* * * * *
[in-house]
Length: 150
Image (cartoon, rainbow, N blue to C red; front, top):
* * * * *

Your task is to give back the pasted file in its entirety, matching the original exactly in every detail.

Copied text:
[in-house]
Length: 150
Image (cartoon, rainbow, N blue to C red; front, top):